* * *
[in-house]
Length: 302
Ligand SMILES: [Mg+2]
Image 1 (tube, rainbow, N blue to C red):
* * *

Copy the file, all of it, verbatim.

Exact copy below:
[in-house]
Length: 302
Ligand SMILES: [Mg+2]
Image 1 (tube, rainbow, N blue to C red):